Pandemic appears to have worsened child obesity; doctors & fitness advocates urge more physical activity
Study finds obesity increase was more pronounced in Hispanic and Black kids
NEW ORLEANS (WVUE) - At Joe Brown Park groups of kids of varying ages took part in fun activities. They were attending a NORD summer camp.
An instructor tutored a group of older kids on the art of steering a canoe and before long they were in the water using the paddles to move the vessels forward.
Larry Barabino is NORD’s Chief Executive Officer. He is thrilled kids have more freedoms now even as the COVID-19 pandemic persists.
“Today they’re able to come outside, play Tag, play sports, and participate and that’s huge because, without it, our kids will sit around and then, of course, you will see obesity start to sit in,” said Barabino.
But the COVID-19 pandemic appears to have worsened child obesity. Many kids were forced to be schooled online for most of 2020 and into 2021.
A study released in May by the American Academy of Pediatrics is based on 500,000 visits to pediatricians.
Researchers wrote: “On average, overall obesity prevalence increased from 13.7 percent (June to December 2019) to 15.4 percent (June to December 2020). This increase was more pronounced in patients aged 5 to 9 years and those who were Hispanic, non-Hispanic Black, publicly insured, or lower income.”
Barabino says physical activity declined for many kids because of the pandemic. “During COVID these kids sat there and did nothing, you know, there were no outdoor activities, and many parents were concerned about their kids participating in outdoor activities, so they kept them in to be safe and we understood,” said Barabino.
The CDC said the child obesity problem is serious.
The CDC’s website says, “For children and adolescents aged 2-19 years in 2017-2018: The prevalence of obesity was 19.3 percent and affected about 14.4 million children and adolescents.”
Further, the CDC and the Health and Human Services Department recommend school-aged children including high students do an hour or more of moderate-to-vigorous activity daily. But many kids are falling short of the guidelines. And the Kaiser Family Foundation says for 2017, 65 percent of high school students in Louisiana were not meeting the recommended physical activity level.
Dr. Gregory Stewart is an Associate Professor of Sports Medicine at Tulane University. He says he is not surprised that kids are getting less physical activity than recommended.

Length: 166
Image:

“No, it’s not surprising and I’m not sure that a number of the high school kids were meeting it even before the pandemic,” said Stewart.
Stewart says being obese as a child can lead to health problems that linger into adulthood.
“It is very common that a lot of the chronic conditions start very early and we’re seeing now that especially obesity starting at a younger and younger age and it’s a combination of diet, the amount that we eat and then a lack of exercise,” he said.
Stewart recommends tackling obesity as soon as possible.
“If you are overweight the earlier that you can get back on a good diet and an exercise program and lose that weight and get in shape, the better you are long-term,” he said.
Stewart said COVID-19 underscores how having chronic conditions puts people who contract the virus at risk for poorer outcomes.
“Obesity, diabetes, you know, cardiovascular issues, hypertension, all of the things that you look at that early on we were saying were a problem and put you at higher risk for a bad outcome with COVID-19 were all things that if you exercise you could reverse, so if you exercise you’re more apt to do well if you do get the virus,” said Stewart.
Barabino’s message to kids to be as active as possible.
“Get moving, get outside, get active; take walks with your friends, you guys like to be on the phone all the time but challenge them; do a Tik Tok video of you guys moving or exercising, dancing,” Barabino stated.
“It’s really anything that you do, any activity is better than no activity, so even if it is going outside and mowing the yard or working in the garden, even taking the garbage out,” he said.
He says building strong bone and muscle mass in childhood is critical because it provides benefits in adulthood.
“And as we get older we lose muscle mass, so getting ahead becomes important; the same thing with bone density, especially women, but men are not immune to that either,” Stewart stated.
He recommends parents speak to their kids’ doctor about an exercise program.
He said it’s also important to keep kids hydrated during outdoor physical activity.
“We’ve got to think about the heat and making sure that people are staying hydrated and aren’t going outside at 12 o’clock, 2 o’clock in the middle of the day, and starting to exercise when they’ve been inside for weeks or months now,” Stewart said.
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